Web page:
This upper portion of this pole is made of aluminum, while the lower section is carbon fiber. Despite the lower shaft's carbon construction, we found no durability issues during our testing period, and testers noted how sturdy and solid the pole feels. The metal flick lock also seems durable and solid, and the rubber grip can take a beating compared to lighter foam designs. Still, we don't expect these poles to stand up to a beating the way aluminum poles do, and we wouldn't recommend whacking the snow off ski bases indiscriminately or smacking dead tree branches.
Carbon fiber is stronger than aluminum in compression, but unlike aluminum, it won't bend when weighted from the side. This means that it is more likely to break than aluminum when stressed laterally, which includes the motions of striking dead tree branches out of the way or tapping ski edges to remove snow from skis. While it may seem like these actions are unwise in the first place, they happen with some regularity in the backcountry. Our poles are meant to be versatile tools to make our days easier, in addition to their roles in upward progress and downhill skiing balance. So, using carbon poles for everyday use is a risky proposition. If you are willing to be discerning and gentle, the weight savings that carbon provides are worth the durability sacrifices.
The Razor Carbon Pro poles pack down to a minimum length of 41 inches (104 centimeters), which is relatively large compared to other poles in the test. They are clearly not designed to be easily stashed into a backpack or small luggage for ski trips.
This large packed size is forgivable, considering the weight savings that are achieved by omitting elements that enable small packing, like three-section telescoping pole shafts or multiple folding elements. These poles are designed to be used as extended ski poles all day, either on the skin track or in downhill skiing mode.
We are impressed by the comfortable grips on the Black Diamond Razor Carbon Pro. In general, BD has a very comfortably-contoured grip design, and they don't miss on this pole. The grip fits all hand sizes with ease and is comfortable using either the uphill or the downhill. The wrist straps are wide and comfortable as well. The top of the grip features a wide platform for the palm to push on when skinning steeply uphill. Furthermore, the weight of the pole is mostly focused on the grip and upper shaft, making for a light and nimble swing weight that is a pleasure when skiing.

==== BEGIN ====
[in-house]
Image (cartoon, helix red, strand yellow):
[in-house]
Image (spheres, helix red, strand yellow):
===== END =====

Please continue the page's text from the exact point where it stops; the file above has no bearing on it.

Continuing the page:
One small detraction from the comfort of the pole is the minimalist secondary grip. Instead of a rubber or foam grip, the Razor Carbon Pro uses a grid pattern in the aluminum anodization that makes for a slightly higher-friction surface, compared to smooth aluminum. There is also a small metal washer that acts as a stopper for the lower part of the hand when choking up on the pole. This secondary grip saves weight, but isn't as comfortable as a standard rubber or foam secondary grip.
These poles are expensive, but the performance attributes make it worth the price for experienced and discerning users. Fully aluminum poles are generally cheaper, heavier, and more durable, and for most, the weight savings aren't worth the higher price. This pole provides lightweight performance for big days but also has a high-end design that gives it all the features you need, a lovely swing weight, and a svelte and sleek feel. For experienced backcountry skiers looking for a light pole for bigger objectives or are willing to be a little more careful with their poles during daily use, this pole is worth the money. They are the best poles we've tested.
The BD Razor Carbon Pro is a lightweight, fully-featured backcountry ski pole that impressed us with its comfort and ease of use. It is as light as other carbon ski poles, but still comes with a durable, aluminum upper shaft and burly rubber grip. We also love the releasable wrist straps. In general, we are hesitant to recommend carbon poles for everyday use, but in this case, we are confident enough in the durability of these poles to recommend them as a quiver-of-one option, provided the user isn't going to treat them like aluminum poles. If you are looking for a light, high-performance pole, we highly recommend this model.
— Jeff Dobronyi